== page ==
Tuesday, May 19, 2009

Deja vu, Oprah

Three years ago Oprah lent her weight to a book entitled A Million Little Pieces, written by James Frey. It's an autobiography about his drug addiction and eventual recovery. At least that's what Frey purported it to be. It was soon discovered, however, that Frey had falsified a good number of "facts" and embellished others. His memoir turned out to be largely fictional.

Oprah had made a mistake, a big one--for her endorsement had boosted sales of this title to millions of copies. But Oprah did something very few do--she admitted on a succeeding episode how she had made a terrible mistake. Oprah bit the bullet, swallowed her pride, and apologized to her audience and viewers and even invited Frey and censured him right on her show. She even told a Washington Post columnist who had criticized her as deluded that he was right--that she was wrong and that his criticism was appropriate.

Recently, Oprah committed a far more egregious mistake, one that puts lives on the line. She's endorsed anti-vaccine propagandist Jenny McCarthy. Oprah has practically given Jenny a carte blanche by providing her her own show on the Oprah network.

Three years ago Oprah owned up and showed America her integrity. Hopefully this time around she will do the same.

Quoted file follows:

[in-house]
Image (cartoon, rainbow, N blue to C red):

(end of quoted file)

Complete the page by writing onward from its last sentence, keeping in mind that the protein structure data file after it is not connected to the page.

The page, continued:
Shirley Wu has written an open letter to Oprah encouraging her to do the right thing.

...To me, it is clear that a significant number of people look up to you, and trust your advice and judgment. That is why it is such a huge mistake for you to endorse Jenny McCarthy with her own show on your network.

Surely you must realize that McCarthy is neither a medical professional nor a scientist. And yet she acts as a spokesperson for the anti-vaccination movement, a movement that directly impacts people’s health. Claims that vaccines are unsafe and cause autism have been refuted time after time, but their allure persists in part because of high-profile champions for ignorance like McCarthy. In fact, ten of the thirteen authors of the paper that sparked the modern anti-vaccination movement retracted the explosive conclusions they made due to insufficient evidence. Furthermore, it is now clear that the study’s main author, Andrew Wakefield, falsified data to support these shaky conclusions.

Go on over to Shirley's blog and read her missive in its entirety. If you think it's worth it spread the word. And let Oprah know about it if you can. Remind her about Frey.

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